In a Time article on over-practicing, there are several good pieces of advice for LSAT test-takers. From that advice, we can draw some guidelines on how you should prepare for the LSAT. Let’s take a look at what they said and what it means for you.
The article references a study published by the Journal of Neuroscience. In this study, researchers observed subjects performing tasks repeatedly and measured energy expenditure as they completed tasks. At first, the subjects expended a lot of energy. Then, as they kept up the task, the energy expenditure kept dropping. This makes sense! They became more efficient as they repeated the task. What happened next however, is super interesting. The study involved a physical activity. As the muscular activity stabilized (meaning no less muscle energy was being expended), the subjects continued to expend less energy. Why? Their brains got more and more efficient. They would expend less and less energy.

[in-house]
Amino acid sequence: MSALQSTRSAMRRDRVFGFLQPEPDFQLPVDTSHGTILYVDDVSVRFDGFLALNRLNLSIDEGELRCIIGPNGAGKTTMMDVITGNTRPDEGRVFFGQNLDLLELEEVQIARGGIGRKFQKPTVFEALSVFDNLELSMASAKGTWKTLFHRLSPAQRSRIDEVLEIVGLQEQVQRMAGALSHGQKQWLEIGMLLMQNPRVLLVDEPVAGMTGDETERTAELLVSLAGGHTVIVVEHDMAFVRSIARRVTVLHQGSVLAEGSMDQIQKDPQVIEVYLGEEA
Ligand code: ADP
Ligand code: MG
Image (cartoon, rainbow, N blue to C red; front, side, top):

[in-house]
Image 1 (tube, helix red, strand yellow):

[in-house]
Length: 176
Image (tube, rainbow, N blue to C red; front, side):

In LSAT Terms
As they kept practicing the task, even though there was no apparent improvement in how they were doing, their brains continued to become more economical. It resulted in more energy available over the long haul of the test. As the article notes, “The perfect execution of a piano sonata or a tennis serve doesn’t mark the end of practice; it signals that the crucial part of the session is just getting underway.” This is a salient point for LSAT takers. Even when no apparent progress is being made, keep on practicing! You’re ingraining the activity deeply into your neural pathways. Over time, this will make you more efficient, a better test-taker. Literally, your brain can go on auto-pilot during the test with no loss in performance. That’s an immense advantage and keeps you fresher and mentally more energetic as the test wears on.
So, once you start nailing full sections of Logical Reasoning or Logic Games, that’s not the time to stop. That’s the exact moment to keep on studying. You will continue to get better and better, even if you can’t see that happening physically. As the lead researcher states, “We have shown there is an advantage to continued practice beyond any visible changes in performance.” So study hard, and long too.